Panic Attack vs Anxiety Attack
People hearsay about panic attacks and anxiety attacks are the same thing, but their conditions are different.
Panic attacks presents suddenly and engage intensely with overwhelming fear. Severe physical symptoms occur such as a palpitating heartbeat, shortness of breath, or nausea.
Diagnostic and Statistical Manual of Mental Disorders (DSM-5) recognizes panic attacks, and categorizes them as unexpected or expected.
Unexpected panic attacks occur without an obvious cause. Expected panic attacks are “cued” by external stressors, such as phobias. Panic attacks can happen to anyone, but having more than one may be a sign of panic disorder.
Anxiety attacks aren’t recognized in the DSM-5. The DSM-5 does, however, define anxiety as a feature of a number of common psychiatric disorders. Symptoms of anxiety include worry, distress, and fear.
Anxiety is usually related to the anticipation of a stressful situation, experience, or event. It may come on gradually.
The lack of diagnostic recognition of anxiety attacks means that the signs and symptoms are open to interpretation. That is, a person may describe having an “anxiety attack” and have symptoms that another has never experienced despite the second person indicating that they too have had an “anxiety attack.”
Panic and anxiety attacks may feel similar, and they share a lot of emotional and physical symptoms.
You can experience both anxiety and a panic attack at the same time. For instance, you might experience anxiety while worrying about a potentially stressful situation, such as an important presentation at work.
When the situation arrives, anxiety may culminate in a panic attack.
|Symptoms||Anxiety attack||Panic attack|
|apprehension and worry||✓|
|fear of dying or losing control||✓|
|a sense of detachment from the world (derealization) or oneself (depersonalization)||✓|
|heart palpitations or an accelerated heartrate||✓||✓|
|shortness of breath||✓||✓|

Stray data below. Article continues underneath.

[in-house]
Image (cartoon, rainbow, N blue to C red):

|tightness in the throat or feeling like you’re choking||✓||✓|
|chills or hot flashes||✓||✓|
|trembling or shaking||✓||✓|
|numbness or tingling (paresthesia)||✓||✓|
|nausea, abdominal pain, or upset stomach||✓||✓|
|feeling faint or dizzy||✓||✓|
It may be difficult to know whether what you’re experiencing is anxiety or a panic attack.
Keep in mind the following:
- Anxiety is typically related to something that is perceived as stressful or threatening. Panic attacks aren’t always cued by stressors, and most often occur out of the blue.
- Anxiety can be mild, moderate, or severe. For example, anxiety may be happening in the back of your mind as you go about your day-to-day activities. Panic attacks, on the other hand, mostly involve severe, disruptive symptoms.
- During a panic attack, the body’s autonomous fight-or-flight response takes over. Physical symptoms are often more intense than symptoms of anxiety.
- While anxiety can build gradually, panic attacks usually come on abruptly.
- Panic attacks typically trigger worries or fears related to having another attack. This may have an impact on your behavior, leading you to avoid places or situations where you think you might be at risk of an attack.
Unexpected panic attacks have no clear external triggers.
Expected panic attacks and anxiety can be triggered by similar things. Some common triggers include:
- a stressful job
- social situations
- phobias, such as agoraphobia (fear of crowded or open spaces), claustrophobia (fear of small spaces), and acrophobia (fear of heights)
- reminders or memories of traumatic experiences
- withdrawal from drugs or alcohol
- medication and supplements
- thyroid problems
Anxiety and panic attacks have similar risk factors.
- experiencing trauma or witnessing traumatic events, either as a child or as an adult
- experiencing a stressful life event, such as the death of a loved one or a divorce
- experiencing ongoing stress and worries, such as work responsibilities, conflict in your family, or financial woes
- living with a chronic health condition or life-threatening illness
- having an anxious personality
- having another mental health disorder, such as depression
- having close family members who also have anxiety or panic disorders
- abusing drugs or alcohol
- being a woman
People who experience anxiety are at an increased risk of experiencing panic attacks. However, having anxiety doesn’t mean you will experience a panic attack.
Doctors can’t diagnose anxiety attacks, but they can diagnose:
- panic attacks
- panic disorders
Your doctor will ask you about your symptoms and conduct tests to rule out other health conditions with similar symptoms, such as heart disease or thyroid problems.
Panic attacks and anxiety attacks aren’t the same. Though these terms are often used interchangeably, only panic attacks are identified in the DSM-5.
Anxiety and panic attacks have similar symptoms, causes, and risk factors. However, panic attacks tend to be more intense and are often accompanied by more severe physical symptoms.
You should contact a doctor if anxiety- or panic-related symptoms are getting in the way of your everyday life.
Here are some reference links.